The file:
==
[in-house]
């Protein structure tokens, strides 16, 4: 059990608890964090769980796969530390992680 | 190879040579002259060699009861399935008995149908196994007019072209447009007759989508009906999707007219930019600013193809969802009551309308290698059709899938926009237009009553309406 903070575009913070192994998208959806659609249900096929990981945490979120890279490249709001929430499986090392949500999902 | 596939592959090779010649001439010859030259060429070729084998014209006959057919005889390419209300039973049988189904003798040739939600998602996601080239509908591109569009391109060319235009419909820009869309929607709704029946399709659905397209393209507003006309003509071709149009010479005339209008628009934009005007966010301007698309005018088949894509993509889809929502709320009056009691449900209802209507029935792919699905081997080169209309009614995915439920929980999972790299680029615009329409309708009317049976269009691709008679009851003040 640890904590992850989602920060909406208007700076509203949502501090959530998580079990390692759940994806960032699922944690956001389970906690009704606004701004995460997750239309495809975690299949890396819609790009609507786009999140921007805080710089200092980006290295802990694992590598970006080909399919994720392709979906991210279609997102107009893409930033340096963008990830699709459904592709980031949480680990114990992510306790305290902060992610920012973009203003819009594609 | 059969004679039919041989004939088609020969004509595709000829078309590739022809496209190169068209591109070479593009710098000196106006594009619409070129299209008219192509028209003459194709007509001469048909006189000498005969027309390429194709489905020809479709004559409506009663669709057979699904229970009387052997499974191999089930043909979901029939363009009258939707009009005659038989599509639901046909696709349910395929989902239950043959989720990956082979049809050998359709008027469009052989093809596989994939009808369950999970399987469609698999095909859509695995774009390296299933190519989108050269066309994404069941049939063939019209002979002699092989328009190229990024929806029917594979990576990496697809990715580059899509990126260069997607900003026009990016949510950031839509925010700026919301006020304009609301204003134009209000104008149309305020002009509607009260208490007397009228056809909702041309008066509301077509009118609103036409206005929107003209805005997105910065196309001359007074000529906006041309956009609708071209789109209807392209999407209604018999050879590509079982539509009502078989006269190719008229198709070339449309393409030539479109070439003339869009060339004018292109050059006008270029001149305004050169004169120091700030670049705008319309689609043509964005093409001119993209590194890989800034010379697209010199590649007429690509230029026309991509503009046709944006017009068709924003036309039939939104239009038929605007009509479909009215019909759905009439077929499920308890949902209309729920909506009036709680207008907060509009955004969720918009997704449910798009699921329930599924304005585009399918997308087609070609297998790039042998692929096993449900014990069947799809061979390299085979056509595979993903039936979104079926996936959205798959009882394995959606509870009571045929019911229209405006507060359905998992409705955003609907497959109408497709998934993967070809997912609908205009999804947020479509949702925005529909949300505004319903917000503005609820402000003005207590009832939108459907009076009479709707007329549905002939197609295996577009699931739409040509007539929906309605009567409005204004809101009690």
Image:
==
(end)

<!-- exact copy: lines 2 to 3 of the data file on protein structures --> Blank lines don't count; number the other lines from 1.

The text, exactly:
């Protein structure tokens, strides 16, 4: 059990608890964090769980796969530390992680 | 190879040579002259060699009861399935008995149908196994007019072209447009007759989508009906999707007219930019600013193809969802009551309308290698059709899938926009237009009553309406 903070575009913070192994998208959806659609249900096929990981945490979120890279490249709001929430499986090392949500999902 | 596939592959090779010649001439010859030259060429070729084998014209006959057919005889390419209300039973049988189904003798040739939600998602996601080239509908591109569009391109060319235009419909820009869309929607709704029946399709659905397209393209507003006309003509071709149009010479005339209008628009934009005007966010301007698309005018088949894509993509889809929502709320009056009691449900209802209507029935792919699905081997080169209309009614995915439920929980999972790299680029615009329409309708009317049976269009691709008679009851003040 640890904590992850989602920060909406208007700076509203949502501090959530998580079990390692759940994806960032699922944690956001389970906690009704606004701004995460997750239309495809975690299949890396819609790009609507786009999140921007805080710089200092980006290295802990694992590598970006080909399919994720392709979906991210279609997102107009893409930033340096963008990830699709459904592709980031949480680990114990992510306790305290902060992610920012973009203003819009594609 | 059969004679039919041989004939088609020969004509595709000829078309590739022809496209190169068209591109070479593009710098000196106006594009619409070129299209008219192509028209003459194709007509001469048909006189000498005969027309390429194709489905020809479709004559409506009663669709057979699904229970009387052997499974191999089930043909979901029939363009009258939707009009005659038989599509639901046909696709349910395929989902239950043959989720990956082979049809050998359709008027469009052989093809596989994939009808369950999970399987469609698999095909859509695995774009390296299933190519989108050269066309994404069941049939063939019209002979002699092989328009190229990024929806029917594979990576990496697809990715580059899509990126260069997607900003026009990016949510950031839509925010700026919301006020304009609301204003134009209000104008149309305020002009509607009260208490007397009228056809909702041309008066509301077509009118609103036409206005929107003209805005997105910065196309001359007074000529906006041309956009609708071209789109209807392209999407209604018999050879590509079982539509009502078989006269190719008229198709070339449309393409030539479109070439003339869009060339004018292109050059006008270029001149305004050169004169120091700030670049705008319309689609043509964005093409001119993209590194890989800034010379697209010199590649007429690509230029026309991509503009046709944006017009068709924003036309039939939104239009038929605007009509479909009215019909759905009439077929499920308890949902209309729920909506009036709680207008907060509009955004969720918009997704449910798009699921329930599924304005585009399918997308087609070609297998790039042998692929096993449900014990069947799809061979390299085979056509595979993903039936979104079926996936959205798959009882394995959606509870009571045929019911229209405006507060359905998992409705955003609907497959109408497709998934993967070809997912609908205009999804947020479509949702925005529909949300505004319903917000503005609820402000003005207590009832939108459907009076009479709707007329549905002939197609295996577009699931739409040509007539929906309605009567409005204004809101009690």
Image: